First of all, I know it's a very bad idea to invent your own encryption algorithm. It's better to use existing known, trusted, extensively tested and studied algorithms with a proven track record. The idea below is purely theoretical, from a studying point of view. I thought of a rather simplistic encryption method, and wondering what you people think of how (in)secure this is, compared to AES.

I propose the following symmetric encryption method:

Given any input data, and a password (each of arbitrary length), we encrypt the data as follows:

H1 and H are hashing functions (e.g. SHA256 or SHA3-512). H1 and H may be the same.

n1 and n are the number of bits of H1's and H's output (e.g. if H1=SHA3-512 then n1=512, and if H=SHA256 then n=256). Preferably n1≥n.

S = a randomly generated salt of 128 bits, which is written at the start of the output.

K = H1(S+password) where + means binary concatenation.

The data is processed in blocks of n bits (the last block may be smaller).

Block i is XOR'ed with B(i) = H(K XOR i) where i is the block index (starting at zero), represented as a simple binary integer, extended to n1 bits (to match K's size).

If the last block is m < n bits, only those m bits are procesed (the remaining n-m bits of the last B(i) are not used).

The decryption procedure is basically the same, except S is taken from the encrypted data instead of generated.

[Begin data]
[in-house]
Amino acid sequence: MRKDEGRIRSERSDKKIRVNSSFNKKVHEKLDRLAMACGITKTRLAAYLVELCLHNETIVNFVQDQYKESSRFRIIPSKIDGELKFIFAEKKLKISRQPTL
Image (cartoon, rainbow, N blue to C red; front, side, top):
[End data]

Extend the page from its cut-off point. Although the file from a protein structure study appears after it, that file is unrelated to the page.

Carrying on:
I would suggest H1 = scrypt, bcrypt, or PBKDF2 with moderate work parameters, and H = SHA256 or SHA3-256.


  1. It's a stream cipher. Every block of n bits can be encrypted and decrypted completely independent of other blocks. This makes the algorithm suitable for streaming, parallelization, and if part of the data is damaged or missing, the rest can still be decrypted (except if the salt at the beginning is corrupted). Additional data can be appended later, and parts of the existing data can be replaced in-place.
  2. Because of the random salt S, similar data encrypted with the same password will result in completely different outputs.
  3. Even if you happen to know part of the input data, nothing is revealed about the rest of the data or the password.
  4. It's fast, provided that H is fast.
  5. Encryption and decryption are the same (only difference is generating a random salt vs reading it).
  6. Other than the 128-bit salt, the encrypted data stays the same size (unlike certain other encryption algorithms, especially asymmetric).
  7. No padding involved that can be abused to tamper with the data or partial decrypting by trial and error (some other encryption schemes have padding vulnerabilities).

marked as duplicate by fgrieu, Maarten Bodewes, Paŭlo Ebermann Mar 17 '14 at 14:11

This question has been asked before and already has an answer. If those answers do not fully address your question, please ask a new question.

  • $\begingroup$ There are currently a LOT of encryption methods being studied - including all of these. Rather than just providing a scheme and saying "What do you think of this", nowadays the very minimum that would be expected from a scheme is at least some justification of why it's worth looking at $\endgroup$ – figlesquidge Mar 17 '14 at 12:13